ANZ: ABHS 950, W4627, 245/8/3, Part 9, Weir to Secretary of External Affairs, Wellington, 30 September 1964.
The U.S. Consul General in Salisbury, Roswell McClelland, reported that he had spoken with the British High Commissioner, J. B. Johnston, about the Rhodesian policy of the new Government. McClelland informed Washington that Johnston had no precise instructions from London regarding the position that the new Government would take in the event of a UDI. Johnston did not know, for example, whether he would be instructed to remain in Salisbury. Clearly concerned by the vagueness of the British position, McClelland urged the U.S. Government to give urgent consideration to the nature of the American response and acted quickly to seize the initiative on tricky issues, especially the Multilateral Force, which ‘became the barometer for Anglo-American relations.’ 18 Wilson was also keen to ascertain American thoughts on the Rhodesian problem and African policy more generally, and instructed his Foreign Secretary, Patrick Gordon Walker, to explore these issues during his visit to Washington in October 1964. The British Government feared that the recent indaba of African chiefs and impending referendum of Europeans in Rhodesia could be a preliminary move towards a UDI. The British Government had therefore prepared a warning statement that it intended to issue if the Rhodesian Government failed to give a categorical assurance that it was not contemplating such a measure. 19 Walker discussed the warning statement with Rusk, who assured the Foreign Secretary that the U.S. Government supported Britain’s policy and would follow its lead. 20 There was also some discussion of the action that the British Government would be likely to take against Rhodesia in the event of a UDI. Ball enquired whether economic sanctions could create a problem in terms of setting a precedent that the British to a UDI if it occurred concomitant with Zambian independence on 24 October. LBJL: NSF, Rhodesia Country File, Box 97, ‘Cables, 12/63–1/66’, McClelland to State Department, 23 October 1964.
Saki Dockrill, ‘Forging the Anglo-American Global Defence Partnership: Harold Wilson, Lyndon Johnson and the Washington Summit, December 1964’, The Journal of Strategic Studies, Vol. 23, No. 4 (December 2000), p. 114.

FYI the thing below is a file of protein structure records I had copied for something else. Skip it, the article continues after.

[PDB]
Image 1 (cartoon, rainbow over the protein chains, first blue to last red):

For details of the statement, see above, Ch. 1, pp. 37-39.
LBJL: NSF, UK Country File, Box 212, ‘Walker Visit Briefing Book’, Memorandum of Conversation, 26 October 1964; and Foreign Relations of the United States 1964-68, Vol. XXIV, Africa [hereafter FRUS], (Washington D.C.: United States Government Printing Office for the Department of State, 1999), pp. 788On 28 October the U.S. Government released a statement declaring: ‘We have been encouraged by the forthright position taken by the British Government in insisting that it would not sanction independence for Rhodesia until satisfied that the people have been allowed the full exercise of self-determination.’ Quoted in G. Mennen Williams, Africa for the Africans (Grand Rapids, MI: William B. Eerdmans, 1969), p. 112.
Government would then have to follow against South Africa. 21 This was a significant indication of one of the major concerns of the U.S. Government about the Rhodesian issue: that it should not be treated in isolation lest it prejudice American regional policy as a whole. 22 No doubt with this mind the Under Secretary of State for Political Affairs, Averell Harriman, had further talks with Walker ‘primarily to cover the African situation … to indicate that we were prepared to work closely with the British on all matters of mutual interest from South Africa, Portuguese territory and the Congo, etc.’ 23 These talks demonstrate the continuing importance that London and Washington attached to AngloAmerican consultation and cooperation, which contradicts the view that there was nothing left of the special relationship by the time that Wilson came into office. 24 Walker’s visit enabled the State Department to develop some preliminary ideas about